Over a month ago, a colleague asked if I could chaperone a team of three students when they traveled to a nearby college to participate in a math competition. Doesn't that sound like a sweet day of work? I thought so, too, so I agreed readily.
The competition was this week. The students, two boys and one girl, had volunteered to go. We hadn't singled out the group of students we thought would win and invited them, because a math competition is self-selecting enough as it is. I met the students outside the office in the morning, made sure they had calculators, and hopped on the full-size bus with them. We stopped at our neighboring high school 20 minutes away and picked up their team and then headed off to the university about an hour away.
When we arrived and checked in, the college rep referred to me as "coach" and I sort of chuckled to myself. While I'd taught two of the three students in middle school, I certainly wasn't coaching them for this competition. In fact, they hadn't practiced together at all and only one of the three had looked at previous years' questions at all. I asked them why they had come and one said, "for the gift cards." That student had been on last year's team, which won 2nd place, and he was coming back to win another $10 gift card! Seriously! We joked around a bit while eating breakfast about how silly it was that I was called their "coach." These students are so mature that they didn't need me as a chaperone except as a technicality.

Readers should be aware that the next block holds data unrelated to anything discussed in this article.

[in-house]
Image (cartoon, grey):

The competition began and the teachers were ushered out to a separate talk. We reconvened two hours later and I remarked to the students that they looked good because they appeared energized in spite of sitting two hours for math testing. They said they felt pretty good about the competition, except for numbers 10 and 16, handing me the paper so I could offer insight as we walked to the afternoon part of the program.
There was a little talk for students and teachers prior to lunch on probability. We then went to get lunch in the dining hall and they presented the awards. They started with the 3rd place team. Not us. Then the 2nd place team. Not us. Then the first place team. US! The kids went up to get their certificates. They called for the coach to come up, too. That was embarrassing. I didn't feel at all worthy of recognition; I hadn't even organized the trip! Then the individual awards. Third place. Not us. Second place. Not us. First place. Our senior boy! And I got to go back up for another certificate. We also were given $200 of gift certificates for NCTM materials because of the first place wins, which was amazing. The kids and I had a chuckle again about me being called "coach." We smiled for our photos with our beautiful certificates and headed back home. It was a great day!
Do your students participate in math competitions?